JCPenney (JCP) can offer shoppers something no online retailer can: food and drinks to enjoy while they spend money.
CEO Ron Johnson said the retailer was planning on replacing traditional cash registers with coffee and juice bars, reports Sapna Maheshwari at Bloomberg News. A prototype he showed reporters in August included a Caribou coffee stand.
The stands will be there so "no one has to leave the store if they want to refresh," Johnson said.
It's a smart strategy and one that gives JCPenney a leg up on online retailers. Johnson has also announced plans to give associates iPads and eliminate most cash registers.
Other retailers are also using food to lure shoppers into physical stores and away from their computers.
After introducing cafes to a couple of its stores, Urban Outfitters (URBN) found that a visit to the cafe doubled the amount of time people spent in the store, Maheshwari reported.
Gap's Banana Republic has also started hosting more in-store events that include food.
"The one thing you can't get in the cyberworld is the tactile experience and that won't go away," an Urban Outfitters executive told Bloomberg. "Food is becoming bigger and bigger in terms of entertainment value."
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JC Penney Replacing Cash Registers With Coffee and Juice Bars
"The first and most encouraging thing to me is I am completely convinced that our transformation is on track. We are making extraordinary progress in everything we're doing."
"In haircuts, it's pretty incredible. Today we will cut on our tenth day of this effort to help Americans look better, help the kids look better. We'll do our 500,000th haircut, free haircut. And today customers will book their millionth appointment during the month of August to get a haircut.
"We're reducing the money on television. We'll still run television and we're investing heavily in the traditional traffic driving median, so be in the newspaper and we think that's going to be good."
"We're going to go paperless. ... Imagine a retail store without any paper except the signs, because everything will be done digitally through iPods and iPads and those are our priorities and those are all priorities within the next 12 to 18 months."
"Well, for the first 10 days with our new marketing, our traffic is down 7% to last year, which is a dramatic improvement."
"We're inspired by Selfridges. Selfridges is the leading department store in the world. You ask any retailer what's the number one department store? They will all say Selfridges."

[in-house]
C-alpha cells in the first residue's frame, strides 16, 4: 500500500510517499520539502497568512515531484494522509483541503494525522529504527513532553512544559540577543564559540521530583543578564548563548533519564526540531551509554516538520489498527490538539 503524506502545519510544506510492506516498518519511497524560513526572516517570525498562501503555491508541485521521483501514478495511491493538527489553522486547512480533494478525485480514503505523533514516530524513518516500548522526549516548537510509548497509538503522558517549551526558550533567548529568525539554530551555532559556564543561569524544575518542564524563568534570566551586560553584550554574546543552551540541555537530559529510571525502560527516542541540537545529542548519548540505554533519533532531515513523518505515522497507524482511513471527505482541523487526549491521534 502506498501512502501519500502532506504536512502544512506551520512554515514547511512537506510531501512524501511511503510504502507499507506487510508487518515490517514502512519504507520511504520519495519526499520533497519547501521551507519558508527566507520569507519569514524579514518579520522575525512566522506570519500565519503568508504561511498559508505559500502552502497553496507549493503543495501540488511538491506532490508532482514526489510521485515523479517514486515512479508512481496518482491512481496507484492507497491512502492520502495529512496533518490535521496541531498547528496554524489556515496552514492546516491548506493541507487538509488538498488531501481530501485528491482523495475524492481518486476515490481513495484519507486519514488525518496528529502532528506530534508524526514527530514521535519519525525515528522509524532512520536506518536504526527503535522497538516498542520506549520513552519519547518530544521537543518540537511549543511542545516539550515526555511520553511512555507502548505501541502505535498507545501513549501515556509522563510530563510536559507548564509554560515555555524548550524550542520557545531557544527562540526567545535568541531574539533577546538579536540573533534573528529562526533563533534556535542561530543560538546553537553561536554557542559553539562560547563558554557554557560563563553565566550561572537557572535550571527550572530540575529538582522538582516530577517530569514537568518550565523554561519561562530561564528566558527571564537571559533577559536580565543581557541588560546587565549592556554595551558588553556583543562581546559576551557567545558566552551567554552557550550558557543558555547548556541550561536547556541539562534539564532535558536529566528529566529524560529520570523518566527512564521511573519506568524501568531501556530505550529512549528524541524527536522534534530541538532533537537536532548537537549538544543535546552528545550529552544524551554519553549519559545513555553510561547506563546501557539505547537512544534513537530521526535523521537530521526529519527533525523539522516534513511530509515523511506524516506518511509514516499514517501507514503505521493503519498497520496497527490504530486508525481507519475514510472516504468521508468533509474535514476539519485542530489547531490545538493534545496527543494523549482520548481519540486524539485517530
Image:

"It's a place to refresh and we're going to have coffee bars and juice bars and place to get food, that's 25-square feet of space, but by putting out a few tables that have no cost, where we used to have cash wraps, no one has to leave the store if they want to refresh, they can grab a cup of coffee while someone shops and continue to stay in the store and continue to shop."
"We've rolled out Wi-Fi, but we really don't have a lot of use for it."
"What happens in a big mall of a 1 million square feet, about 600,000 square feet goes to the anchors and the common area which leaves about 400,000 square feet for the stores and the stores average 3,000 to 4,000 square feet. So, you run the math, you have about 100 to 120 stores in a typical mall we're in. We'll have just as many shops with inside JCPenney and that's what we call it a specialty department store. It's like a mall within a mall.
"Yeah, we're very anxious to communicate our pricing to our customer and we have failed at that, right? They were confused. Now, we have a pricing strategy that they understand. We have done focused groups around the country over the last 30 days with our new pricing strategy and they all say, we get it, whereas before, they were confused."
"At Apple our stores were busy when we only had Macs. Then we added the iPod; they got busier. We added the iPhone; they got busier yet. We added the iPad, and they got busier. The same thing will happen here. Next spring it's Joe Fresh, Martha Stewart, all our new partners. It will be just like Apple: boom, boom, boom."
As analyst Bill Dreher of Newedge USA told Johnson on the call, "I want to applaud you for creating one of the most exciting stories in retail write-down."